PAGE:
Last Updated on July 15, 2019
Cobb angle is used to measure spinal deformity. The original Cobb angle was used to measure lateral curve severity in scoliosis but also has subsequently been adapted to classify deformity in kyphosis.
For evaluation of curves in scoliosis, an anteroposterior radiograph is used.
Scolioisis is defined as Cobb angle more than 10 degrees.
The apical vertebra is the vertebra that is displaced and rotated the most. Its end plates are least tilted.
The most superior and inferior vertebrae of the curve are called end vertebrae. These vertebrae are least displaced and rotated.
These vertebrae appear laterally wedged, longer in the convex side, and compress
There is the maximal tilting of the endplates towards the curve.ed on the concave side.
The neutral vertebra is the first vertebra after end vertebra which is not rotated on the anteroposterior image.
How to Measure Cobb Angle
For measurement, When assessing a curve the apical vertebra is first identified. This is the most likely displaced and rotated vertebra with the least tilted end plate.
The end/transitional vertebra are then identified through the curve above and below.
The end vertebra is the most superior and inferior vertebra which are least displaced and rotated and have the maximally tilted end plate.
A line is drawn along the superior endplate of the superior end vertebra and a second line drawn along the inferior endplate of the inferior end vertebra.
The angle between these two lines or lines drawn perpendicular to them is measured as the Cobb angle.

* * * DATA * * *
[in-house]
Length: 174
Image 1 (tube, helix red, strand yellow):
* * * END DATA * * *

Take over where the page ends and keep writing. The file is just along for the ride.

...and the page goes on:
In S-shaped scoliosis where there are two contiguous curves the lower end vertebra of the upper curve will represent the upper-end vertebra of the lower curve. Because the Cobb angle reflects curvature only in a single plane and fails to account for vertebral rotation it may not accurately demonstrate the severity of the three-dimensional spinal deformity.
As a general rule, a Cobb angle of 10 is regarded as a minimum angulation to define scoliosis.
Significance of Cobb Angle
Cobb’s angle is used to ascertain the presence of scoliosis and measure its severity.
It is not only helpful for diagnosis but also useful for planning treatment and predicting diagnosis.
When a Cobb angle is greater than 50 degrees, the patient almost always requires corrective surgery.
Limitations of Cobb angle
Scoliosis is a three-dimensional deformity but Cobb angle is the uniplanar measurement.
There is an interobserver variation of 5 to 10 degrees.
Moreover, the variations can occur with changes in supine and upright positioning, rotation, body shape etc.
Cobb’s method generally gives a higher value than those obtained Values higher than those obtained with other measurement techniques.
Cobb Angle for Kyphosis
The angle for kyphosis is measured in a similar manner. See the image below.
For kyphosis, on the lateral view, a line is drawn along the superior endplate of the superior end vertebra and a second line drawn along the inferior endplate of the inferior end vertebra. The angle formed by the intersection of lines perpendicular to above-mentioned lines is Cobb angle for kyphosis.
- Kado DM, Christianson L, Palermo L, Smith-Bindman R, Cummings SR, Greendale GA. Comparing a supine radiologic versus standing clinical measurement of kyphosis in older women: the Fracture Intervention Trial. Spine. 2006;31:463-7. [PMID: 16481959]